Why must 'Palestine' be contiguous, but Israel not?
Eugene Kontorovich points out the double standard
in the current uproar over Israeli planning for construction in E-1.
What is such a big deal about the building in the E-1 zone, located
in the small area between Maaleh Adumim to Jerusalem (and Hebrew
University in particular)? The reason for the outrage is that the
potential houses would “cut in two” the potential Palestinian state in
the West Bank, preventing a “contiguous state.” This claim, widely
repeated by credulous journalists such as the New York Time’s Israel correspondent, is manifestly false, as a quick glance at a map show.
Even with the area in question completely built up, a Palestinian
state would have a 21K waist at its narrowest point, from east of Maaleh
Adumim to Jordan. At the same time, a Palestinian state gives Israel a 15K waist at its narrowest point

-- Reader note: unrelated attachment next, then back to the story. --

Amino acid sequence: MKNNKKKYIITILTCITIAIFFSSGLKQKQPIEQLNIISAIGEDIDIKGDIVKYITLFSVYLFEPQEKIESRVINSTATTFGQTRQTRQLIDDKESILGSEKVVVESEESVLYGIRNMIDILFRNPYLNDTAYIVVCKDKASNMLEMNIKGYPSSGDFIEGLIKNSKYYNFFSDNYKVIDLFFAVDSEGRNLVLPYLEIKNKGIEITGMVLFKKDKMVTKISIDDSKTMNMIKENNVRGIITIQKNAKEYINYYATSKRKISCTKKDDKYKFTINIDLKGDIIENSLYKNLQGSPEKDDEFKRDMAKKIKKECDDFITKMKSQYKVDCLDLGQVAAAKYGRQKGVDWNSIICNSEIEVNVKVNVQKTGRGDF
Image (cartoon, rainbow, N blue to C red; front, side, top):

– the “Auschwitz borders” Abba Eban complained of. Indeed, no one
really thinks connecting Maaleh Adumim would “split” the West Bank,
which is why all the major peace plans do call for such a connection.
Indeed, even Tzipi Livni, former head of the Kadima party and the
great hope of peace processors, rejected ceding Maaleh Adumim, and Sec.
Rice opined that “I don’t think that any Israeli leader is going to cede Ma’ale Adumim.”
To put it differently, not connecting Maaleh Adumim means giving it
up, which no previous potential agreement suggested. Yet not allowing
work in E-1 effectively makes Israel cede this major suburb of Jerusalem
even before negotiations.
I've discussed several times the double standard in the demand that 'Palestine' be contiguous while cutting Israel in half. You may want to dust off some of my old posts here
Labels: double standards, E-1, two-state solution